Debrief: LIU innovation chair, not in Kansas anymore

Will travel: Kansas City-based entrepreneurism expert Dane Stangler is the first person to occupy LIU-Post's Vorzimer Endowed Chair in Entrepreneurship.

As the first person to occupy Long Island University-Post’s Vorzimer Endowed Chair in Entrepreneurship – the “charter chair,” according to the school – Dane Stangler is all about breaking new ground. The visiting (and first-time) professor, who will also help drive LIU Post’s T. Denny Sanford Institute for Innovation and Entrepreneurship, will leverage lessons gleaned during an impressive rise to nationally renowned entrepreneurship expert, including a term as VP of research at the Ewing Marion Kauffman Foundation and his current policy-wonk work for Startup Genome and the Progressive Policy Institute. Stangler, who earned a J.D. from the University of Wisconsin-Madison and will travel to Brookville often from his Kansas City base (he lives in Kansas and works in Missouri) to teach and support the Sanford Institute, is rapidly assimilating the specifics of Island entrepreneurship. His notes so far:   

Take a seat: It’s flattering, of course. There are high expectations from the university itself and also from the donors, and I hope we can live up to those and serve the students and the community well. It’s a lot of pressure, but it’s also flattering and I’m excited to do it.

Post with the most: I’m very impressed with the university itself. I’ve been there three times now just discussing this position, and I’ve been very impressed with the faculty. It’s a gorgeous physical location with great amenities. I had an opportunity to participate in the Summer Honors Institute with high school students from around the country and I was really impressed with the quality of that program, and the quality of the global-studies program as well.

Working at Denny’s: There are some startup companies in the T. Denny Sanford Institute already, but one goal will be to continue expanding it, to get more startups in there. Not just startups from Long Island, but startups from elsewhere, to come and relocate there and give students the experience of working for startups. We also want to help the startups interact with the faculty, to get more collaboration across the boundaries of innovation and entrepreneurship and really help accelerate entrepreneurship across the region.

Laws of attraction: Post has a lot to offer startups. In addition to the university’s assets, it’s advantageous being in the State of New York, with all of the benefits like the Start-Up NY program and others. You’re also close to the city without being in the city. And with all of the innovation activity happening on Long Island, there are a lot of benefits – maybe not moving your entire company here, but, say, opening your American office on Long Island. I think these links are very important to both the university and the companies, this connectedness.

Strong foundation: At the [Ewing Marion Kauffman Foundation], we did quite a bit of grantmaking and interacted extensively with universities. We gave grants to exactly the kinds of programs we have [at LIU-Post]. I’m hoping to bring some of those lessons, both positive and negative, from the foundation to this role. We gave out millions of dollars and learned a lot about what works and what doesn’t.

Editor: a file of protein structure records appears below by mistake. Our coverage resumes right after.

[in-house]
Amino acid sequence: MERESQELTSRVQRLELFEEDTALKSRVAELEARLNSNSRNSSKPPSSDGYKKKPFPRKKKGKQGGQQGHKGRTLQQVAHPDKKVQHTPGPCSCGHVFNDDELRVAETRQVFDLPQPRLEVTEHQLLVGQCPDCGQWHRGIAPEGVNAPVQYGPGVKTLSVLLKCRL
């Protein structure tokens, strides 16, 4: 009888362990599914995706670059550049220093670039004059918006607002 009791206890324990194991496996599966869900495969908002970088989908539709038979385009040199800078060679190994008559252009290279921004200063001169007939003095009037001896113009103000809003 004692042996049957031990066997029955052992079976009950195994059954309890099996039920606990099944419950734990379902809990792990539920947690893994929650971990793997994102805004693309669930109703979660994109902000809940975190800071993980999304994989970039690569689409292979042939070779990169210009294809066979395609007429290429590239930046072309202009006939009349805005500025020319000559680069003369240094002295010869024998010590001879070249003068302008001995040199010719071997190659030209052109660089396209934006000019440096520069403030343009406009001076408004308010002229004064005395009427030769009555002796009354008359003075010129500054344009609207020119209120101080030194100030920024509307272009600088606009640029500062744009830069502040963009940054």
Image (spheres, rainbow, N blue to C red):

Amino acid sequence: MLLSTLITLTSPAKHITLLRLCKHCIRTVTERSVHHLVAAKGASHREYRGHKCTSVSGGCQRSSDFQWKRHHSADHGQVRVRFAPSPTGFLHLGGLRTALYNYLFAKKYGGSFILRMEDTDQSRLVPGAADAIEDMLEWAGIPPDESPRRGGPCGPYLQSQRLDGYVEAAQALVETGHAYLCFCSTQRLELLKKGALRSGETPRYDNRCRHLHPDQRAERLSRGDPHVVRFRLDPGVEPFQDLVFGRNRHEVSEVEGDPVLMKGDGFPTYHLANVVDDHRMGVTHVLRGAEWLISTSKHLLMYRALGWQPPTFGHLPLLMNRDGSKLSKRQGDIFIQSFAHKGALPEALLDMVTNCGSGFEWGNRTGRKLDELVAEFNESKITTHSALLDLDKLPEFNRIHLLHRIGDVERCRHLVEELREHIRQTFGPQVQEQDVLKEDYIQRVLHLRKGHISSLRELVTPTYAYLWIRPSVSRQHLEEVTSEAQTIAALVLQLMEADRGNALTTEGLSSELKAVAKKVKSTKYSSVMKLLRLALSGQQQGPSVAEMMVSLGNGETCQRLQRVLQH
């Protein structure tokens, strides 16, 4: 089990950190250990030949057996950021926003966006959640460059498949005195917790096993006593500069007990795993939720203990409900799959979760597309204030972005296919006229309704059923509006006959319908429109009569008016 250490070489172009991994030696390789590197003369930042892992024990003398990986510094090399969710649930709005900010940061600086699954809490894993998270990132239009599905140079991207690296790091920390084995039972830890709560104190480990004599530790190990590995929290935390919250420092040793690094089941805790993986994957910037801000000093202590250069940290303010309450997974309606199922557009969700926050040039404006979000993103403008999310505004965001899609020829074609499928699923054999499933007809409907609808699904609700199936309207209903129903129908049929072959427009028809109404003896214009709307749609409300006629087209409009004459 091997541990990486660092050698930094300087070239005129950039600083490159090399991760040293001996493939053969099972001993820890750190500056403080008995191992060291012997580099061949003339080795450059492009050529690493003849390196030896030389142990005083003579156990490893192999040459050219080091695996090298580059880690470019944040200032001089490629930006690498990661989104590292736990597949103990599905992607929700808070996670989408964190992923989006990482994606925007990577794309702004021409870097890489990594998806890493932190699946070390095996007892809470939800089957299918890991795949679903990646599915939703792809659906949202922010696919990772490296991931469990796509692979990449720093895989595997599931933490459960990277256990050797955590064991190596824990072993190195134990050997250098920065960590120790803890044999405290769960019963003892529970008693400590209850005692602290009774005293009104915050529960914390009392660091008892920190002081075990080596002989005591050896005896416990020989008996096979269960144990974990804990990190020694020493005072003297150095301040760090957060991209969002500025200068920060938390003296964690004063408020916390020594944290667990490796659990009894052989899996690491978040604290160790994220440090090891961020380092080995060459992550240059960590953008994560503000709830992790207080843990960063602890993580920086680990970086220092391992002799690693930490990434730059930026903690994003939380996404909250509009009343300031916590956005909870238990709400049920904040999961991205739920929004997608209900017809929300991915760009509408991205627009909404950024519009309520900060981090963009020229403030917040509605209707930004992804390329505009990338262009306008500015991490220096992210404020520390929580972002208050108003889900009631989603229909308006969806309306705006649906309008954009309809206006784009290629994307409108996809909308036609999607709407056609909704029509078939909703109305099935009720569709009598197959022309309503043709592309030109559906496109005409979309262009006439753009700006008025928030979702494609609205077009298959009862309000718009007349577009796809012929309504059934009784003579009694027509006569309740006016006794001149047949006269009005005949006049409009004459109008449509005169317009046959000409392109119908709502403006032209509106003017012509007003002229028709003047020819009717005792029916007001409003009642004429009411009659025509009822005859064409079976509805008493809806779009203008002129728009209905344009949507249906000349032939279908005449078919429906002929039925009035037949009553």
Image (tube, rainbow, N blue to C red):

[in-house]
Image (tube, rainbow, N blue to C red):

In his genes: What we do at Startup Genome is data assessment of startup ecosystems – benchmarks and baselines. I think we have a good understanding of how these ecosystems operate in cities and other regions, and it almost always involves a university. I’m excited to incorporate some of the lessons we continue to learn into the LIU-Post entrepreneurship programs.

When worlds collide: The Progressive Policy Institute is a thinktank and it’s been around for a while. I focus on growth and innovation policy. We work at the national level and look at state and regional policies for growth and innovation, such as Start-Up NY. It will be really interesting to see how these two roles intersect and see what works, what needs to change and how we can bring what’s working here beyond New York.

Regional review: My perspective on the Long Island innovation economy is definitely underdeveloped. I’ve certainly become familiar with the university and all the resource it offers, and I’m seeing that there are a number of strong assets on Long Island, including one of the major research institutions in the world in Cold Spring Harbor Laboratory. And you have a highly educated population, which is another key resource. I definitely look forward to learning more.

Well, it IS a school: The No. 1 goal for me and the college remains serving the students. I’m really excited about the opportunity to teach and to be out there as an ambassador for the university. Goal No. 2 is the great opportunity afforded us by Mr. Sanford, and of course we have high ambitions for that. And I’d like to contribute to building up the global MBA program, which will benefit both the university and the regional entrepreneurial ecosystem.

Interview by Gregory Zeller. Want to share your interesting view of Long Island’s innovation economy, or suggest someone who could? Pitch me a Debrief at gregory.zeller@innovateli.com.


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